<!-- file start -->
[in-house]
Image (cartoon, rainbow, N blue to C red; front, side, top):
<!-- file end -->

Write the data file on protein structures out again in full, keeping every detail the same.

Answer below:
[in-house]
Image (cartoon, rainbow, N blue to C red; front, side, top):